Tips on sailing through the tween years.
Why can the tween years be such a turbulent time for our children and for us? As children are taking on more responsibility and greater independence in school and social situations, they are also experiencing tremendous emotional and physical changes. Pediatrician Carol A. Forster notes, “The fastest and most dramatic change of life occurs when a child enters puberty. Aging happens slowly, but puberty comes on with such suddenness that it often catches preteens and parents unaware.” How can you handle your tween’s emotional roller coaster?
Help with school.
Help your child with school. An otherwise competent elementary school student may feel overwhelmed by a larger school and more challenging academic work. Assist with the struggles of schoolwork and help him feel socially connected by exploring different classes or sports in your community. Soccer, computer, or art classes may help your child make friends in a smaller setting and feel better about herself. Help your child find something that gives him or her a sense of competence. Focus on something your child enjoys and build on that foundation. Stay involved with your child’s school. Continue to volunteer in the classroom, go on field trips, or join the PTA.
Create family rules (and stick to them).
Create family rules or a behavior contract. Lay out the possible actions that would create consequences. You and your child can even sign the contract and place it in an easy-to-find location. For some children, written agreements help them stay more focused, since they know the rules and their consequences. Preteens, like toddlers, find security in specific expectations and even feel more empowered in peer pressure situations. Consequences can include the loss of phone or TV privileges, lack of allowance, or missing an event.
Try to avoid the “everyone” battle.
Everyone “wears make up,” “has a cell phone,” and “has certain clothes” are phrases you may often hear from your tween. Try to draw lines in the sand and stick to them. Talk to other parents and try to break down the power of “everyone.”
Remember the distinction between explanation and negotiation.
Children deserve explanations. They don’t necessarily deserve the right to challenge and negotiate your decisions.
Try to stay out of power struggles, and remain calm.
Tweens can drive us crazy and provoke showdowns. Remain calm and try to model the behavior you want your child to emulate. Ignore argumentative comments, and walk away if necessary. Offer your child choices as often as possible, but set expectations for which issues are negotiable. If something is not negotiable, say so. If your child is out of line, put a stop to it and send him to his room to cool off. After he’s calmed down, let him know what behavior upset you. You may need a timeout yourself. Explain that you need a break in order to be able to communicate more clearly, and return in a few moments when you feel calm.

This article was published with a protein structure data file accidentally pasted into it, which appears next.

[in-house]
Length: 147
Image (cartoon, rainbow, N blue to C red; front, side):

If you do lose your calm, apologize, and move on.
Everyone loses it, and when that happens, acknowledge it and make amends. Remember that you and your child are both human and are coping with developmental forces and situational pressures.
Teach coping skills.
Help your child deal with disappointments and improve coping skills. Talk to your child about sad and angry feelings that arise due to things that are not working out in life. Try to help her deal with frustration and rejection in a positive way. Identify activities that help them relax and feel good. Music, art, or sports activities can help a child let off steam. Help your child develop healthy outlets to release pressure. Point out that leisure activities are ways to cope with stress. Help her identify how she can feel good in a healthy way. Support areas where she can build on experiences of success.
Make family a priority.
Even though this is a time of greater independence for your child, continue to make family time a priority. Have family dinners and family fun times. Insist that your child participate. Encourage him to bring along a friend if he feels he is missing social time. Give your child responsibility at home. Chores can build feelings of importance within the family.
Praise your tween.
Praise your tween as much for her efforts as for her accomplishments. Don’t only draw attention to the failures. If your child does make a mistake, help her get back on track. Do not condemn her for her behavior. Instead, condemn the behavior and continue to believe in your child. Let her know you are proud of her. Let her see your failures, too, so she realizes you aren’t infallible. We were all tweens once. The dilemma for parents and tweens is directly related to control. Tweens seek more control, it’s a developmental necessity. But, they are just not ready for the freedoms and responsibilities of adolescence. We have to maintain a high level of involvement, authority, and control, while letting our tweens slowly make more decisions and take on greater responsibility.
For more information, check out these books that shed light on the development and social context of tweens:
- Get a Clue!: A Parent’s Guide to to Understanding and Communicating with Your Preteen, by Ellen Rosenberg
- Reviving Ophelia: Saving the Selves of Adolescent Girls, by Mary Pipher
- Surviving Ophelia: Mothers Share Their Wisdom in Navigating the Tumultuous Teenage Years, by Cheryl Dellasega
- Raising Cain: Protecting the Emotional Life of Boys, by Michael Thompson Ph.D. and Dan Kindlon Ph.D.
- Best Friends, Worst Enemies: Understanding the Social Lives of Children, by Michael Thompson
- Raising Confident Boys: 100 Tips for Parents and Teachers, by Elizabeth Hartley-Brewer
Originally published on Bright Horizons